Whenever I travel within the United States, I either call the airline ahead and let them know that a patron with a disability is using their flight and will need assistance or I just go ahead and board among the group announced first–which is usually active military and persons living with a disability.
There are reasons why I do and do not call ahead, resulting in just winging it upon air flight boarding announcement. I do call ahead if I have already been experiencing migraines and significant pain in my neck, shoulders, and hips prior to my flights. Walking around an airport with luggage only exacerbates my bodies tolerance for living in pain and adequately functioning in public alone.
The down side to this is airport assistance often just takes one in a wheelchair to their seating area and escorts the person on the plane. A good airport assistance person asks if one needs the restroom. I, personally, have not had one ask if I needed food or drink. One of course can just take the initiative and ask for these things en route to flight.
Which leaves me writing to my readers, why I don’t ask for assistance ahead. I need food and drink while at the airport and one cannot have so much liquid and snacks when going through security.
When traveling to Denmark and Sweden, I did not let the airlines know I was a patron traveling with a disability. I was in a large group for one thing and wasn’t sure on the logistics with the traveling agency we used through the university system.
The airline announces the typical: those flying active military and wheelchairs may board first. Wait. Wheelchairs? That part wasn’t typical to include all patrons with disabilities. I notified my professor I was going to try to board ahead because I would need assistance with my luggage. I walked up and another woman who was using a cane did as well.
The person boarding patrons seemed puzzled by our appearance. A man beside us even said, “Look. She’s using a cane.” I said, “She needs to board early and I do too. Here is my medical bracelet to denote my condition.” He hesitated and let us pass after a few moments.
The flight journey back was much easier because I had gotten to know my companions in the study abroad program better and I was able to share a bit more of my lifestyle with them. The students were wonderful: “Rebekah–I got your bag!” “Let me get that up there for you.” And my professor was able to let some airport service people know discreetly that I was an organ transplant recipient traveling who needs to be seated once in a while during the long line at customs.
It was quite horrid seeing their area for persons using wheelchairs, these were predominantly elderly persons, but they were all seated in a roped off area. Maybe 30 to 40 persons set aside. Like luggage. I had been one of those one time while traveling in the USA because that’s typically where they take those who denote their disability on airlines to stay. Unless one had a bottle of water or snacks for some reason, you are there until they come get you.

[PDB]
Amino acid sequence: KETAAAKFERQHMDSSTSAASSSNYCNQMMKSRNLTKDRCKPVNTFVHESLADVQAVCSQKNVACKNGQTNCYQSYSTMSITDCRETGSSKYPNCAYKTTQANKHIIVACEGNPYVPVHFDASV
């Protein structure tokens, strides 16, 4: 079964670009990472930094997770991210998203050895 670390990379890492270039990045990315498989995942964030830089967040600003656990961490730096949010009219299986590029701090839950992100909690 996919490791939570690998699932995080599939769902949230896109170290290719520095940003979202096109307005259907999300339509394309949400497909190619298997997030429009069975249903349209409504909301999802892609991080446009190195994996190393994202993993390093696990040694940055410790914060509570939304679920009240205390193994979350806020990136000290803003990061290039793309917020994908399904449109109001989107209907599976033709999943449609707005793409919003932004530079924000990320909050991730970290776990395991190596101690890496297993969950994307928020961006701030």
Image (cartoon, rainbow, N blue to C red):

Traveling alone can be a trip in and off itself, but group travel can be ideal if one is comfortable speaking up about their condition to their partners in travel.
The above picture is a man named Mack who is one of the older persons living with Cystinosis. He offered the following advice after my query on traveling rare part 1:
“I’ve been fortunate to have been travelling for over 50 years. I’m hoping to contribute a few things to consider while travelling with a medical condition.
Having enough medicine for the trip is the number one concern. As standard procedure, I always take an extra week of medicine on a trip. One of the biggest concerns about travelling abroad that I hear is fear of not having enough medicine on the trip. Fortunately, this situation can be easily avoided in most cases. When you are at the pharmacy getting your medicine, you can get additional medicine to cover your trip with up to a week for emergency. Tell your pharmacy about your trip abroad. The pharmacy will ask your insurance for a vacation override. This can usually be done once or twice a year. My pharmacist told me this was standard procedure for the industry.
Since I’m writing to a cystinosis audience, I will discuss the eyedrops. For a 2 week trip, I carry my first eyedrop bottle on me. I keep 1 to 2 additional bottles in a diabetic travel case, so at least it remains cool. This is the best that can be done in this situation. The additional eyedrops will not be working at peak condition, but they will be working enough to provide comfort for your eyes.
I highly recommend getting travel health insurance. Even if your primary insurance will reimburse you at home, certain medical facilities abroad will not treat you without travel insurance. An example of this is if you go to a private hospital and cannot prove your financial ability to pay. In that case, you would be transferred to the public hospital or clinic.
I’ve been travelling with a CPAP for over 15 years now. For me, this is my biggest inconvenience while travelling abroad. This is because I prefer to travel light with carry-on luggage only whenever possible. In the USA, it’s not an issue because American Airlines does not count the CPAP machine against your carry-on allowance. This is true for all of the USA airlines as far as I know, Travelling in different countries, it’s not always the case. I’ve been trying to deal with this by getting email confirmation of airline policy from the foreign airline. Some foreign airlines reply to emails, others do not. I’ve got ‘Medical Device’ tags on my CPAP carrying case. Worst case scenario, I plan for this contingency knowing that I will check my backpack with non-essential items, if it becomes necessary.”
Enjoy this series of my first look at Copenhagen, Denmark: